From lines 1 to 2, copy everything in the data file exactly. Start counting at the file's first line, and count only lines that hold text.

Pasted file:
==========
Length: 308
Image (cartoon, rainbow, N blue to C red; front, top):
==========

Length: 308
Image (cartoon, rainbow, N blue to C red; front, top):